Editor’s note: The following article is an op-ed, and the views expressed are the author’s own. Read more opinions on theGrio.
I first met John Lewis when I was in junior high school. He was one of the many civil rights leaders who regularly visited our small Presbyterian church in Washington, D.C., including Martin Luther King Jr., Jesse Jackson, Bayard Rustin, Stokely Carmichael and James Farmer. John and the other leaders would spend quality time with us over lemonade in the fellowship hall, answering all our questions and sharing their experiences and dreams. Why? Because they knew how important it was to invest in young people. Those dynamic leaders taking the time to meet with us profoundly affected me.
Fast forward to the adult version of me: I was reintroduced to John Lewis by his wife, Lillian. I worked on his campaigns for Atlanta City Council as well as for Congress. He cared about the things I cared about, so anything I could do to help him get elected was all the motivation I needed. He became a friend.
The year after John Lewis was elected to Congress, we relocated to Washington, D.C., and I called him. I wanted to come by and see his new office. We met, and he offered me a job — to be his administrative assistant.
At that point in my career, I was a fairly accomplished lawyer and law professor, and I had a couple of advanced degrees. I assumed the administrative assistant was the person who scheduled meetings, drafted letters, paid bills, organized the office, etc. That was OK with me so long as I could help Congressman Lewis “change the world.” So, I took the job!
Little did I know that the administrative assistant to a member of Congress was the chief of staff.
I never could have imagined when I was in junior high school that I would spend a large part of my career helping one of the most honest, hardworking, unassuming, optimistic, focused, humble, energetic, gracious and kindest human beings on the planet make a difference in the lives of so many.
Back in the day, we wrote letters to 800 constituents each week informing them of federal policies and proposed changes in laws that affected them, government resources that were available, what their representative in Congress was doing and inviting constituent engagement. John signed each one of those letters, and the staff addressed and stamped each one of the envelopes. Every week! Eight hundred letters! Eight hundred stamps!
John insisted on staying in constant communication with his constituents. There was no email back then. So, the only way we communicated was by snail mail, with stamps and the good, hard, and conscientious work of U.S. Postal Service employees.
So, it is a very special occasion to have John Lewis’ face on a Forever Stamp.
Having his face on a Forever Stamp is a forever reminder that the fabric of our nation is composed of richly diverse threads — different colors and ethnicities, young, old and new, in various shapes, sizes and patterns — and that the contributions of all must be respected, remembered and celebrated.
It is a reminder that every step along the way in the development of legislation, we must do as John did and ask the questions: How does this impact women? How does this impact the Hispanic or LGBTQ community? What about our senior citizens? What about our young people? What does this do to our families?
It is a reminder that we must communicate with each other, really talk to — not at, over or around — each other, get to know each other and work together, just as John Lewis always did in Congress, which is why he was called “the conscience of the Congress” and why when the president or the speaker of either party wanted to get the attention of members of Congress, they turned to John. He was listened to and heard across the aisle.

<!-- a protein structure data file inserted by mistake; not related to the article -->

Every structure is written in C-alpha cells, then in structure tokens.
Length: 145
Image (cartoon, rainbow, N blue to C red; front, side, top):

Having John Lewis’ face on a Forever Stamp is a reminder that while you can remove a mailbox, you cannot remove the man, his vision or his legacy and we must forever stand up for what he stood for.
John Lewis’ name is almost synonymous with Selma and Bloody Sunday. He dedicated his entire life to ensuring the right to vote. Others died for the right to vote. Lewis’ face is the face of voting rights. Having it on a stamp is a reminder that we must vote.
I still hear John Lewis saying, “The vote is precious. It is almost sacred. It is the most powerful non-violent tool we have in a democracy. We must protect it! We must use it!” I hope you hear him, too.
John Lewis’ legacy will live forever. Sure, he was special. But we can all be change agents like he was. All we have to do is continue his work — one step at a time.
Steps are a forward motion, so no matter how big or small the step, it’s about taking the step. Take the step to stand up, step up and get into a little bit of what Congressman Lewis called “good trouble.”
It may seem unimaginable that “the boy from Troy” became an esteemed congressman and showed the world that if we work together, we can accomplish greatness. The task may seem large, but if we work together in the spirit of Congressman John Lewis, we can be the David to the Goliath of hate, racism and inequality, knocking it to its feet.
The U.S. Postal Service will commemorate the life and legacy of Congressman John Lewis, Friday, July 21, 2023, at noon ET. The ceremony will take place at Morehouse College, Martin Luther King Jr. International Chapel, located at 830 Westview Drive SW, Atlanta, GA 30341. Dedication attendees are encouraged to RSVP at: usps.com/johnlewis.
An attorney, Linda Earley Chastang was the inaugural president and CEO of the John and Lillian Miles Lewis Foundation. A graduate of Sarah Lawrence College, she went on to earn a JD from Howard University and an LLM from Emory University.
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